Even before the technology we call the World Wide Web was
superimposed on the Internet, the spirit of cooperation, the
friendship, and the lure of the future already pervaded the
Net. Thousands of people were helping each other without any
expectation of receiving compensation for their services.
This altruistic behavior is still found in a great many places
on the Internet today.
My first personal experience with this phenomenon came when
I was leading a team of computer programmers at a large telecommunications
company. We were developing a prototype for a multimedia training-program,
and we could not get the software
tool we were using to carry out an operation we thought would
significantly enhance the program. After several days filled
with futile attempts to get the tool to work properly, the
team decided to discard that particular feature. At home that
night, while continuing my exploration of the Internet, I
found an electronic bulletin board used exclusively by programmers
who were using the same tool our team was using. So, I posted
a description of our problem on the board.
The next night I found a half a dozen e-mail replies to my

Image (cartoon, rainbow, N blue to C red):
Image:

query in my electronic mailbox. One of them was from a woman
researcher in Italy who gave us a solution to our problem.
I was astounded! Here was a highly trained professional who
freely gave away some valuable advice. It was an experience
that made such a lasting impression on me I can still clearly
recall my surroundings that night as I read her e-mail message.
It just seemed too good to be true. People, in a highly competitive
industry, were actually helping each other just for the sake
of being good Internet citizens. I was hooked. For the rest
of the time I worked with that software tool, I checked that
bulletin board regularly. Occasionally I was able to answer
someone else's question and did so to further encourage this
public-spirited behavior. It not only felt good, it was fun
to be a part of this growing community. Without realizing
it, the spirit of the Internet had already captured me.
In its infancy, the culture of the Internet was defined by
a relatively slow moving, close knit community of predominantly